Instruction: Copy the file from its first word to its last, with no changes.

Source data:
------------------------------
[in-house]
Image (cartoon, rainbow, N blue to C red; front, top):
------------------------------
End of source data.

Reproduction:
[in-house]
Image (cartoon, rainbow, N blue to C red; front, top):